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Office of the Attorney General
State of Texas


 

December 27, 1984

Honorable Jay T. Kimbrough
Bee County Attorney
Room # 204, Courthouse
Beeville, Texas 78102

Opinion No. JM-274

Re: Whether the Bee County Community Action Agency may receive interest free loans from a bank which is a depository for Bee County

Dear Mr. Kimbrough:

You ask whether the Bee County Community Action Agency [hereinafter Agency] may receive an interest-free loan from a bank which is a depository for Bee County. Apparently, the bank in question gives the Agency interest-free loans based on the county's credit with the bank. You refer to the Agency as a not- for-profit agency but indicate that it is organized by the Bee County Commissioners Court and funded through various government programs. Regardless of whether the county is even authorized to organize this Agency, we conclude that such an Agency cannot receive interest-free loans in the instances described herein.

The basis for this conclusion differs according to whether the Agency is an independent entity or whether it is an "extension" of the county. Because it is unclear which type of entity is presently in question, each deserves analysis.

If the Agency in question is an "extension" of the county, it cannot receive interest-free loans because the county itself cannot receive such loans. An agency or arm of a local governmental entity has no greater power than the local governmental entity which creates the agency. Attorney General Opinion JM-220 (1984). Counties possess only the powers expressly or by necessary implication authorized by the Texas Constitution or statutes. Canales v. Laughlin, 214 S.W.2d 451 (Tex.1948). Counties lack authority to borrow money except through the issuance of bonds, certificates of obligation, or other forms of indebtedness which are specifically authorized by law. See Tex.Const. art. XI, s 7; Brown v. Jefferson County, 406 S.W.2d 185 (Tex.1966); see also Tex.Const. art. III, s 52-b; art. VIII, s 9 (because counties are limited in property taxes they may levy, their power to incur debt is limited); see generally V.T.C.S. arts. 701 et seq., 2368a.1; cf. V.T.C.S. arts. 1644c, 1644c-1. Accordingly, the Agency cannot receive interest-free loans from Bee County's depository bank.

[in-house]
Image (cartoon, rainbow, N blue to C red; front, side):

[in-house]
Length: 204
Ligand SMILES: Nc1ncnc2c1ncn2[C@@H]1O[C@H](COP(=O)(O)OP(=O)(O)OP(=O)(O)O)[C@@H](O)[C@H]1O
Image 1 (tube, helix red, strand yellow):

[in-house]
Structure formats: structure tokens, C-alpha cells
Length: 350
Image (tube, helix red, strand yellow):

If, on the other hand, the Agency is an independent not-for-profit legal entity with which the county merely contracts, e.g., for the delivery of certain authorized social services on an independent contract basis, then the Texas Constitution may prohibit the loans in question. If the Agency is a private, not-for-profit entity, and thus not connected to the county, it would be free to seek loans from any bank, subject to legal limitations applicable to not-for-profit corporations and associations which are not in issue here. Apparently, the bank in question gives the Agency interest-free loans based on the county's credit with the bank. If the county acts, in this manner, as a guarantor or surety for these loans, the Texas Constitution prevents counties from lending their credit to any individual, association, or corporation. Art. III, s 52(a).

Article III, section 52(a) provides that

Except as otherwise provided by this section, the Legislature shall have no power to authorize any county, city, town or other political corporation or subdivision of the State to lend its credit or to grant public money or thing of value in aid of, or to any individual, association or corporation whatsoever, or to become a stockholder in such corporation, association or company. (Emphasis added).

See also Tex.Const. art. XI, ss 3, 7.

The Texas Constitution prohibits the use by a political subdivision of its public funds or credit for private purposes. State v. City of Austin, 331 S.W.2d 737 (Tex.1960). No fixed rule delineates exactly what constitutes a public purpose. Nevertheless, the prohibition of article III, section 52, extends to private, not-for-profit organizations. See Attorney General Opinions MW-329 (1981); V-173 (1947).

Consequently, although the county may occasionally contract with a private entity to deliver certain services which the county is specifically authorized to provide, a county may not make an unconditional grant of its credit to a private entity. See Attorney General Opinion H-1189 (1978). An incidental benefit to a private person or entity is not prohibited. Attorney General Opinions JM-220 (1984); MW-423 (1982); see Barrington v. Cokinos, 338 S.W.2d 133 (Tex.1960). Virtual donations are prohibited. Attorney General Opinion JM-65 (1983). Any lending of credit must be intended to accomplish an authorized county purpose and must be accompanied by conditions to ensure the use of county credit for a public purpose. See Attorney General Opinions JM-220 (1984); JM-103 (1983); MW-423 (1982); MW-60 (1979).

SUMMARY

If the Bee County Community Action Agency is an "extension" of Bee County, it cannot receive interest-free loans from a bank which is a depository for Bee County. If, on the other hand, the Agency is an independent, private, legal entity, any lending of county credit as a guarantor or surety on loans to the Agency on an independent contract basis must be for an authorized county purpose and must have conditions attached to ensure the accomplishment of that county purpose.

      Very truly yours,

      Mattox signature

      Jim Mattox
      Attorney General of Texas

      Tom Green
      First Assistant Attorney General

      David R. Richards
      Executive Assistant Attorney General

      Rick Gilpin
      Chairman, Opinion Committee

      Prepared by Jennifer Riggs
      Assistant Attorney General


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